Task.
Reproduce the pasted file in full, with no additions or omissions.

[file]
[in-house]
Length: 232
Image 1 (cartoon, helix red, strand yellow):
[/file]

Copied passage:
[in-house]
Length: 232
Image 1 (cartoon, helix red, strand yellow):